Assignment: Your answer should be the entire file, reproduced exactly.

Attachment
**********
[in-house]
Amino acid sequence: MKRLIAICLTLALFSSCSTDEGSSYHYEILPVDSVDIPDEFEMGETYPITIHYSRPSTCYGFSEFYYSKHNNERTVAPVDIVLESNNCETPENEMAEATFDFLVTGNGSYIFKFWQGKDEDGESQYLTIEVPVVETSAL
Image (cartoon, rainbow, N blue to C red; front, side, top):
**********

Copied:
[in-house]
Amino acid sequence: MKRLIAICLTLALFSSCSTDEGSSYHYEILPVDSVDIPDEFEMGETYPITIHYSRPSTCYGFSEFYYSKHNNERTVAPVDIVLESNNCETPENEMAEATFDFLVTGNGSYIFKFWQGKDEDGESQYLTIEVPVVETSAL
Image (cartoon, rainbow, N blue to C red; front, side, top):